The Lakers are still seeking their first road victory, and tonight's venue -- Portland, Oregon -- hasn't been an easy place for the Lakers over the last decade. Still, there's been recent headway, with road series split over the last two seasons, despite playing without Kobe Bryant and (save nine minutes and 33 seconds of pre-injury run) Andrew Bynum in 2010. Perhaps the Lakers can carry that momentum and ruin the Blazers' unblemished home record during this young season.
For some perspective on the Blazers, I tracked down Andrew Tonry of Portland Roundball Society (True Hoop Network). Below are some thoughts from the Blazer blogger, along with a few of my own. And for those interested, here are my responses to his questions about the Lakers.
Land O' Lakers: With Brandon Roy retired, the Blazers are truly now built LaMarcus Aldridge. His progress last season was pretty marked. Does he appear to be moving along the same path? Do you see him as a suitable centerpiece for a contending team?
Andrew Tonry: Right now LaMarcus Aldridge can be The Man on a team counted on to make the first round of the playoffs. He has yet to become, or even flash hints, that he'll be the best player on a team capable of winning the NBA Championship. As far as his progress is concerned, it's too early to say. Aldridge, because of a heart procedure during of training camp, is still rounding into game shape. Also, he's learning to work with a new point guard in Raymond Felton. Aldridge has said that his relationship with former Blazers guard Andre Miller was profound, and that Miller taught him as much as anyone.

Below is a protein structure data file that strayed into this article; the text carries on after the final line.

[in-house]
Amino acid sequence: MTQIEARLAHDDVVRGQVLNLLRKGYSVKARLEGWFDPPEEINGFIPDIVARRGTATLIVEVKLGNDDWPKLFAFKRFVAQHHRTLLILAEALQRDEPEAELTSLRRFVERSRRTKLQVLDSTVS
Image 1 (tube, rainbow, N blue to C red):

(AK's note: True Hoop's Kevin Arnovitz recently wrote a nice piece about Aldridge-Miller relationship, for those interested.)
LO'L: How has Jamal Crawford fit in with the Blazers? Between him and Aldridge, who do the Blazers tend to go through for scoring down the stretch, acknowledging the sample size is small.
At the end of games both are getting shots. That part of Portland's offense hasn't quite solidified yet, for a number of reasons. First, there haven't been a lot of close games. Second, Crawford's shot has been rather cold. Still, it's just too early to say.
LO'L: Speaking of newbies, how has Ray Felton made the Blazers a different team than with Miller running the point, if at all? Assuming there are changes with Felton in the fold, have they been positive or negative?
AT: The addition of Ray Felton--and, perhaps more importantly, the subtraction of Brandon Roy--have made the Blazers a faster team. For the first time in years, Portland are not among the slowest paced teams in the league. But it's a work in progress. Coach McMillan says he's OK with playing fast, but not being in a hurry. Again, blame the adjustment process in adding a new point guard (and, in Crawford, a new backup point guard) but the Blazers have had problems with turnovers in this young season. And if there's one thing that drives Coach McMillan crazy, it's turnovers.